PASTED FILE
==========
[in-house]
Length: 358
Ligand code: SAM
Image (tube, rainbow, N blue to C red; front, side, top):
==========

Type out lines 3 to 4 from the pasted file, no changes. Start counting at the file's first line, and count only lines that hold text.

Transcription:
Ligand code: SAM
Image (tube, rainbow, N blue to C red; front, side, top):